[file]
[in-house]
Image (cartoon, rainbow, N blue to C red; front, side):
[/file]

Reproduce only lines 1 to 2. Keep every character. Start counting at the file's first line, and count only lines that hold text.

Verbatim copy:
[in-house]
Image (cartoon, rainbow, N blue to C red; front, side):